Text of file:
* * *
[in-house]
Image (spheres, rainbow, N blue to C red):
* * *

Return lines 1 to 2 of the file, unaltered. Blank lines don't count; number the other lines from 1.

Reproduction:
[in-house]
Image (spheres, rainbow, N blue to C red):